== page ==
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Drone Risks within the Real Estate and Construction Industry – Part 1

The commercial real estate industry has become increasingly reliant on the utilization of unmanned air vehicles (“UAVs”), commonly known as drones.

UAVs’ can serve many useful purposes in commercial real estate. For example, UAVs can be used to quickly survey job sites, monitor progress at construction sites, ensure safety procedures are being followed by on-site workers, and assess building conditions to ensure adherence to schedules and budgets. UAVs can also be used to take photographs and gather data for accurate mapping of locations. As opposed to using costly human resources, heavy machinery and expensive surveying tools to produce complex data; UAVs can yield the same results, in half the time, at a lesser cost and with greater accuracy.

Transport Canada governs the use and operations of UAVs. The list of regulations that UAVs and their operators must adhere to are available on Transport Canada’s website (www.tc.gc.ca). The application of the regulations is dependent on the UAVs size and intended use, factors which also have bearing on liability and insurance. Transport Canada provides that: “All operators who fly a drone that weighs more than 250 grams for any purpose will need to be insured through a liability insurance provider for at least $100,000.” Transport Canada also provides that UAVs users should purchase insurance “from an insurance provider who covers the risks of public liability,” as described in subsection 606.02 (8) of the Canadian Aviation Regulations (“CARs”).

Transport Canada has proposed changes to the regulations governing UAVs and has invited stakeholders and the public to participate in consultation. One significant proposed change is that a Special Flight Operations Certificate (“SFOC”) will no longer be required for UAVs weighing between 250 grams to 25 kilograms as long as the UAV is operated within a visual line of sight. A SFOC will still be required for operation of an UAV over 25 kilograms and for operation of UAVs out of sight.

The following risk management and insurance practices should be followed when operating a UAV and when contracting a UAV operator:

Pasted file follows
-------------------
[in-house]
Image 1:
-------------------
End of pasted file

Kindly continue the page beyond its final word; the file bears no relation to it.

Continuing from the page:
UAV Operation

  • Pilot must be over the age of 16 and hold a pilot permit that is specific to UAVs
  • Ensure confirmation of UAV’s registration and ensure the UAV is marked with an identification code provided by Transport Canada
  • Ensure prior approval from air traffic control when flying in controlled airspace or near aerodromes (to avoid potential criminal trespassing charges)
  • Ensure the UAV is flown at least 150 m above open-air assemblies of people (i.e. outdoor concert)
  • Ensure the UAV is flown at least 90 m above and 30 m from people, vehicles and vessels

Insurance Recommendations

UAV insurance is vital to protect your business from third-party liability. UAV insurance provides coverage for property damage and bodily injury caused by the UAV, premises liability at sites used in connection with UAV operations, as well as medical costs for bodily injury claims.

  • Due to the low cost of UAVs, operators are commonly choosing to self-insure the physical damage to the drone itself. In this case, we recommend you receive a hold-harmless clause from the UAV operator.
  • If the operator purchases physical damage coverage on the UAV, business owners should require a “waiver of subrogation” in their favour from the operator’s insurer.
  • Business owners should be named as an additional insured with respect to the liability coverage maintained by the operator.
  • The operator’s limit of liability should be no less than $1M. Your specific exposure may require higher limits and should be reviewed with your risk management consultant.
  • The evidence of insurance should confirm:
    • Premises liability in relation to the operator’s actions while flying the UAV.
    • “Personal injury” coverage
    • 30-day written notice of cancellation in favour of your business should appear on the certificate.
    • Primary and non-contributory” clause.

Before you take flight, make sure you understand and follow Transport Canada’s regulations and are properly insured. Not doing so could put lives in danger, result in up to $25,000 in fines, and even land you time behind bars.

Please stay tuned for part 2 of Drone Risks within the Real Estate and Construction Industry where we will investigate business owners that operate their own UAV and outline the associated risks and how to best protect against them.

For more information on risk management and insurance options to protect your company and balance sheet from UAV risk, please contact:



Scott Badali
Risk Analyst, Risk & Insurance Services






INTECH Risk Management (“INTECH”) is an independent insurance consulting company involved in the analysis, design, development, implementation and management of insurance programs. INTECH does not sell insurance, nor is it affiliated with any insurance company or brokerage.  This unique independent position in the marketplace enables our consultants to avoid conflicts of interest and provide our clients with unbiased, expert advice. INTECH has received the 2017 Award for Excellence in Risk Management from Insurance Business Canada, the 2015 and 2016 Due Diligence Provider of the Year Award from IJGlobal Americas, and has achieved Platinum Elite Status on ReNew Canada’s Top100 Projects.

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